Python

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Why your lambda function does not work

Introduction

Lambda function in Python is designed to be a one-liner and throwaway function even without the needs to assign a function name, so it is also known as anonymous function. Comparing to the normal Python functions, you do not need to write the def and return keywords for lambda function, and it can be defined just at the place where you need it, so it makes your code more concise and looks a bit special. In this article, we will be discussing some unexpected results you may have encountered when you are using lambda function.

Basis usage of lambda

Let’s cover some basis of lambda function before we dive into the problems we are going solve in this article.

Below is the syntax to define lambda function:

lambda [arguments] : expression

As you can see lambda function can be defined with or without arguments, and take note that it only accepts one line of expression, not any of the Python statements. Expressions can be also statements, the difference is that you are able to evaluate a expression into values (or objects), e.g.: 2**2, but you may not be able to evaluate a statement like while(True): into a value. You can think there is an implicit “return” keyword before the expression, so your expression must be eventually computed into a value.

And here are some basic usage of lambda function:

square = lambda x: x**2
print(square(4))
#Output: 16
cryptocurrencies = [('Bitcoin', 10948.52),('Ethereum', 381.41),('Tether', 1.00),
('XRP', 0.249940),
('Bitcoin Cash', 231.86),
('Polkadot', 4.91),
('Binance Coin', 27.02),
('Chainlink', 10.47),
('Litecoin', 48.20),
('EOS', 2.69),
('TRON', 0.027157),
('Neo', 24.29),
('Stellar', 0.077903),
('Huobi Token', 4.91)]

top5_by_name = sorted(cryptocurrencies, key=lambda token: token[0].lower())[0:5]
print(top5_by_name)
#Output: [('Binance Coin', 27.02), ('Bitcoin', 10948.52), ('Bitcoin Cash', 231.86), ('Chainlink', 10.47), ('EOS', 2.69)]

lowest = min(cryptocurrencies, key=lambda token: token[1])
print(lowest)
#Output: ('TRON', 0.027157)

highest = max(cryptocurrencies, key=lambda token: token[1])
print(highest)
#Output: ('Bitcoin', 10948.52)

highest_in_local_currency = lambda exchange_rate: highest[1] * exchange_rate
highest_sgd = highest_in_local_currency(1.38)
print(highest_sgd)
#Output: 15108.9576

You can see that it is quite convenient when you just need a very short function to be supplied to another function which accepts argument like key=keyfunc, such as sorted, list.sort, min, max, heapq.nlargest, heapq.nsmallest, itertool.groupby and so on. The common thing about these use cases is that you do not need very complicated logic (can be written in one line) in the keyfunc and probably you will not reuse it in anywhere else. So it is the ideal scenario to use a lambda function.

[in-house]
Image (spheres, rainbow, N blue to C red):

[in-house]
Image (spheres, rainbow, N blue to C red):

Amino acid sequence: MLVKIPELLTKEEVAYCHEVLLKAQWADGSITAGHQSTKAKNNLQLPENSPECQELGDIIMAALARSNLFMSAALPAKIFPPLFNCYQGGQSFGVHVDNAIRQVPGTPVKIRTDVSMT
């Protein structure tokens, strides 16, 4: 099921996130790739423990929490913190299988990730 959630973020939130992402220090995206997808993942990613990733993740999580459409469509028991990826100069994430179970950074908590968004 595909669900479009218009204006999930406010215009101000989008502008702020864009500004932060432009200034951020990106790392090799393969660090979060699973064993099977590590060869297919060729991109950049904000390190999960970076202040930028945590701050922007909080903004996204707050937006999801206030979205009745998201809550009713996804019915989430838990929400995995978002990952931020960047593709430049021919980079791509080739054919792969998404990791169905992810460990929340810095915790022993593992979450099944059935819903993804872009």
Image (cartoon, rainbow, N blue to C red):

Now Let’s expand further on our previous example, assuming the bitcoin price fluctuated a lot on Mon & Tue although it still dominated the market, and you would like to convert the price in SGD in below way:

highest = ('Bitcoin', 10948.52)
mon_highest = lambda exchange_rate: highest[1] * exchange_rate

highest = ('Bitcoin', 10000)
tue_highest = lambda exchange_rate: highest[1] * exchange_rate

print("Mon:", mon_highest(1.36))
print("Tue:", tue_highest(1.36))

You want to assign different values in highest variable to calculate the price in another currency, but you would be surprised when checking the result:

python lambda variable binding

Instead of scratching your head to figure out why it does not work, and let’s try another approach. I am going to create a list of converter functions where I pass in the cryptocurrency pair to calculate the price based on the exchange rate supplied. Later I loop through these functions and print out the converted values:

converters = [lambda exchange_rate: crypto[1] * exchange_rate for crypto in cryptocurrencies]
for c in converters:
    print(c(1.36))

I am expecting to see all the prices are converted into local currency based on the exchange rate 1.36, but when running the above code, it gives below result:

python lambda variable binding

python lambda variable binding output